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Our Brokers Know Their Boundaries With Civil Engineering

February 14, 2012

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By Jim Collins, CCIM


Civil engineering is one of those areas that may not seem to directly relate to commercial real estate transactions, but it absolutely does. If nothing else, we need to know when it’s time to bring in a qualified professional to help our clients make the best decisions possible.

We brought in Blaine House, Director of Corporate Operations for Murray Building Company, to discuss civil engineering and how it relates to commercial real estate.  Civil engineering matters should be kept in mind throughout the negotiation, due diligence and development phases on every piece of commercial property.

Our brokers learned in-depth details about different types of surveys, plans and zoning and important tips to help them better advise our clients.

I’ve been in this business a long time, so I’ve seen a lot, and everything we learned reinforced what I’ve experienced. I started in residential lending in 1972 and moved into commercial lending and brokering in 1974, and these civil engineering issues — especially dealing with surveys and floodplains — have been a part of just about every transaction in which I’ve been involved.

When it comes to surveys, the biggest mistake people tend to make is relying on the original survey they may have been provided when they first expressed an interest in the property. There are almost always issues with surveys and how they match up with the title commitment, especially on older properties.

A current survey is always advisable, but this is often realized far too late in the game. By the time problematic issues come to light, many months may have passed and significant amounts of money may have been spent. Construction may have to be halted and plans reconfigured because of just one avoidable mistake. Simply acquiring a current survey can save you time, money and headaches.

We learned that there are three types of surveys:

  1. Boundary – The most simple and basic type of survey used to establish the boundaries of a land parcel and might, but will not necessarily, provide an outline of the building(s) situated on the property.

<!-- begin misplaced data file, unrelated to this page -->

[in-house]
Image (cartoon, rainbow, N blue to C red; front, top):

2. Topographic — A topographic survey (TOPO) is a more accurate and comprehensive map of the site. It includes exact ground elevations, roads, buildings, utility services, trees and significant landscape and drainage features. An accurate TOPO should be physically obtained by canvassing the ground and obtaining accurate elevation readings.  Less accurate topographic information is accumulated through geographic information systems (GIS) systems available  through local governing authorities.
  3. ALTA/ACSM Land Title Survey – This gives you the big picture of the property and helps you see what is not readily apparent when you are looking at the site. To be able to evaluate the property and the risks associated with issuing a title insurance policy on the property, a title insurance company must, in part, rely upon an up-to-date and accurate Survey of the property.  Title Insurance plays an important role in protecting lenders’ and purchasers’ land investment.  It’s also certified and verifies the legal description of the property along with other legal easements and rights of way. Unless you specifically request an ALTA survey, you will most likely get something less than the whole story. While an ALTA is a little more expensive, it is generally a much better investment due to all of the information it provides.

One thing I often get questions about from clients is what the survey says regarding being in a floodplain and how that will impact flood insurance requirements. We learned that the elevation of the land in a flood plain can’t be changed or filled in. The finished floor level of a building can be built above the floodplain, which might mitigate insurance requirements, but the actual topography can’t be changed because of the negative impact that would have on the rest of the floodplain in the area.

Once your survey is done, a site plan is prepared to illustrate how the building will be developed and designed, including parking spaces, roads and general landscaping.

Next up is the grading plan, which is helpful in determining how storm water will move on the property and also aids in determining some of the costs of developing the property.

Upon completion of a grading plan, a utilities plan can then be developed. This will show how water and sewer lines and other utilities will be placed on the property.

Each of these plans relies on the others and serves to create the basic groundwork for the development of the property.

Another important element of civil engineering in commercial real estate involves the zoning of your site, which dictates how the property can be used. Municipal and zoning regulations vary across city and state and are determined by the individual governing bodies. It’s important to know how the property is zoned for BEFORE your client makes the purchase to be sure that the intended use is compatible with the property’s zoning.

Civil engineering issues should be a significant concern in the due diligence process of all commercial real estate transactions.   As brokers, we owe it to our clients to make them aware of the importance of addressing such issues and recommend that they engage the proper professionals early in any contemplated commercial real estate transaction.


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